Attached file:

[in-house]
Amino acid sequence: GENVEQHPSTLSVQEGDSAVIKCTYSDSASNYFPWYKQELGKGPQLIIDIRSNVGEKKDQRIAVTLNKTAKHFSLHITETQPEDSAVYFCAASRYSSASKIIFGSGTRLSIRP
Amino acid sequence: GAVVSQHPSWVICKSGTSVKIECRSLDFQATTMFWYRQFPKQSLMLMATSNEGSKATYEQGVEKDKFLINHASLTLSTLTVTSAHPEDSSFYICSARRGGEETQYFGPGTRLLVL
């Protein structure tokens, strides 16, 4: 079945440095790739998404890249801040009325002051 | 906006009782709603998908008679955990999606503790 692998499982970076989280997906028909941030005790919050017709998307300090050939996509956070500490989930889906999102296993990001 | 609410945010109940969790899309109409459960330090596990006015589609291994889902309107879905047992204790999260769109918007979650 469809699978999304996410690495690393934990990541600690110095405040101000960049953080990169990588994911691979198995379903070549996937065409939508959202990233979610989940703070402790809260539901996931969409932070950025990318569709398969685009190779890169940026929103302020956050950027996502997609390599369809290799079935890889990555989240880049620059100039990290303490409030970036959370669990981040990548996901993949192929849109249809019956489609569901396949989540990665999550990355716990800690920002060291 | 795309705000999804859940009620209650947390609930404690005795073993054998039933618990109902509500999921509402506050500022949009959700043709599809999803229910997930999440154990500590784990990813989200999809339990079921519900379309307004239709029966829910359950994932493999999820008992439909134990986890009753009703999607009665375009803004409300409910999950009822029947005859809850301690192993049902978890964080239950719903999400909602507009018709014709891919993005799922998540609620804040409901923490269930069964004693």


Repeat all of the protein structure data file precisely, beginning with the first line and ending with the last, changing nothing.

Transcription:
[in-house]
Amino acid sequence: GENVEQHPSTLSVQEGDSAVIKCTYSDSASNYFPWYKQELGKGPQLIIDIRSNVGEKKDQRIAVTLNKTAKHFSLHITETQPEDSAVYFCAASRYSSASKIIFGSGTRLSIRP
Amino acid sequence: GAVVSQHPSWVICKSGTSVKIECRSLDFQATTMFWYRQFPKQSLMLMATSNEGSKATYEQGVEKDKFLINHASLTLSTLTVTSAHPEDSSFYICSARRGGEETQYFGPGTRLLVL
């Protein structure tokens, strides 16, 4: 079945440095790739998404890249801040009325002051 | 906006009782709603998908008679955990999606503790 692998499982970076989280997906028909941030005790919050017709998307300090050939996509956070500490989930889906999102296993990001 | 609410945010109940969790899309109409459960330090596990006015589609291994889902309107879905047992204790999260769109918007979650 469809699978999304996410690495690393934990990541600690110095405040101000960049953080990169990588994911691979198995379903070549996937065409939508959202990233979610989940703070402790809260539901996931969409932070950025990318569709398969685009190779890169940026929103302020956050950027996502997609390599369809290799079935890889990555989240880049620059100039990290303490409030970036959370669990981040990548996901993949192929849109249809019956489609569901396949989540990665999550990355716990800690920002060291 | 795309705000999804859940009620209650947390609930404690005795073993054998039933618990109902509500999921509402506050500022949009959700043709599809999803229910997930999440154990500590784990990813989200999809339990079921519900379309307004239709029966829910359950994932493999999820008992439909134990986890009753009703999607009665375009803004409300409910999950009822029947005859809850301690192993049902978890964080239950719903999400909602507009018709014709891919993005799922998540609620804040409901923490269930069964004693």